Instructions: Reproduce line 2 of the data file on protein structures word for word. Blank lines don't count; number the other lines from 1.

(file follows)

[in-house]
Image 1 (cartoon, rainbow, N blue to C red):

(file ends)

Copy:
Image 1 (cartoon, rainbow, N blue to C red):